Use It Or Lose It

Feb. 21, 2008
Cyber thieves must be rubbing their hands with glee at the potential Internet crimes they can perpetrate thanks to data-protection inefficiencies of organisations—data that should be bulletproof against any threat. Indeed, 2008 has been tagged as the year

Some recent discussions on data security, or more accurately the lack of security, have piqued my curiosity. My interest was prompted by a couple of things. First, there was the totally irresponsible loss of 25 million UK citizens’ personal details by a UK government department. Second, there’s the risk people are taking using the mega-fashionable social-networking sites like MySpace and Facebook.

Cyber thieves must be rubbing their hands with glee at the potential Internet crimes they can perpetrate thanks to data-protection inefficiencies of organisations—data that should be bulletproof against any threat. Indeed, 2008 has been tagged as the year that cyber crime will escalate in the extreme. In fact, many examples of viruses have already emerged, viruses that probe social-networking sites for people’s details.

What about encryption in all of this? Foremost, it should be mandatory that organisations responsible for private data use modern encryption technology. It’s unbelievable that the UK government department I previously mentioned actually mailed the data of 25 million people on two unencrypted CDs in the regular postal system—and they got lost!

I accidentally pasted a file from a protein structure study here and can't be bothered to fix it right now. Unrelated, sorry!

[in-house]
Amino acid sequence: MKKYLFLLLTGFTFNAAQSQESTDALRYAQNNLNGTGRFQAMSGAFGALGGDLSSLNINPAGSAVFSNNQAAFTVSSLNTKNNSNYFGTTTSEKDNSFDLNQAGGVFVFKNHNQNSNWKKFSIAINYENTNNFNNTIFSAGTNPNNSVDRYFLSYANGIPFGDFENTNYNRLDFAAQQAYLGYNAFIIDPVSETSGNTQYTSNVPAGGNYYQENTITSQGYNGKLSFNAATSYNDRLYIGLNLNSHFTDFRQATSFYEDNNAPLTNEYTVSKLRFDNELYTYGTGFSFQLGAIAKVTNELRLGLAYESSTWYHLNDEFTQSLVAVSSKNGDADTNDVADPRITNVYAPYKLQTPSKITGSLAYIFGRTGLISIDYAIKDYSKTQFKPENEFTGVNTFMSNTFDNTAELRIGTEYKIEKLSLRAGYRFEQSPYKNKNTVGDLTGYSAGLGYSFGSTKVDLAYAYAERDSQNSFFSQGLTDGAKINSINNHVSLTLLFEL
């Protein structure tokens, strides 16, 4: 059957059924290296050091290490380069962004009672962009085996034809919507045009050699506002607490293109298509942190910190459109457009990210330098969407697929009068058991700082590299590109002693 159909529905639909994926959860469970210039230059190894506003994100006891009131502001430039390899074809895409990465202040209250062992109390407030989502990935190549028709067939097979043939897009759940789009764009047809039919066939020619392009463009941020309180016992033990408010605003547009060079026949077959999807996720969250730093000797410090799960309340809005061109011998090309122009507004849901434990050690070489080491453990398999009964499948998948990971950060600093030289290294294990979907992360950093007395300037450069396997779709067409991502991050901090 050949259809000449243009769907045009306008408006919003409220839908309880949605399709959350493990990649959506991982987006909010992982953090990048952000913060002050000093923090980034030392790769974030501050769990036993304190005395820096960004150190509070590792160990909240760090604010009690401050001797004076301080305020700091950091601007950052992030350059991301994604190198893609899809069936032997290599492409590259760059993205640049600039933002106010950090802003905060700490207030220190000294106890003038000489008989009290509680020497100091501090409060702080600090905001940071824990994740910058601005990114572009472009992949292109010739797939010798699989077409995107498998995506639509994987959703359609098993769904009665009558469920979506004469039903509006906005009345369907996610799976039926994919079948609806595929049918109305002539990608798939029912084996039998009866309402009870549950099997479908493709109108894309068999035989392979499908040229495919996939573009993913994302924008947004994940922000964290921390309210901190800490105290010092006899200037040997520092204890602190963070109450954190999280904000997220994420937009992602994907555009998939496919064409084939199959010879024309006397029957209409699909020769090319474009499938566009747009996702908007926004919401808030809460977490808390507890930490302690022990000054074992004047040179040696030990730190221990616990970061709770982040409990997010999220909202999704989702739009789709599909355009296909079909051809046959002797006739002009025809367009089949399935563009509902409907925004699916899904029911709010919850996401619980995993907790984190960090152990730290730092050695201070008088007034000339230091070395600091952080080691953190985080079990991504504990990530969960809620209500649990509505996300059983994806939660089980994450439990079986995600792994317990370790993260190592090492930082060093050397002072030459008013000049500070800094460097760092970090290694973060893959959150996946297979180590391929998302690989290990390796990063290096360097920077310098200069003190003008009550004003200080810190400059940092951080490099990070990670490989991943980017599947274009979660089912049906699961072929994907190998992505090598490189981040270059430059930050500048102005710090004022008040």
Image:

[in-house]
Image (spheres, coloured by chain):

It is fair to say that modern encryption methods work fairly well. However, it’s crucial that they remain in a constant state of development to keep ahead of the cyber thieves.

Thirty years ago, IBM unveiled the DES encryption standard. DES is public key cryptography (PKC) that relies on the use of two keys, a Public key and a Private key. Data encrypted with the Public key can only be decrypted by the holder of the Private key. A commonly employed example of a PKC system is the Secure Sockets Layer (SSL) protocol, which ensures that payment transactions on the Internet are secure.

So far so good, except that some code experts are starting to consider that DES is no longer as secure as it needs to be. This is because of its short key length of 56bits. The more bits used in the key, the harder it is for cyber thieves to decrypt the data. Consequently, DES is being replaced by more modern encryption standards, such as Triple DES and the Advanced Encryption Standard, which uses key lengths of 128, 192 and 256bits.

Generally speaking, encryption technology is capable of protecting a good portion of data. So my advice for organisations, including government departments, is simply “use it or lose it.”

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